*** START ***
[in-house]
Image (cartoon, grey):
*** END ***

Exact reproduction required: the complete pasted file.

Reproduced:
[in-house]
Image (cartoon, grey):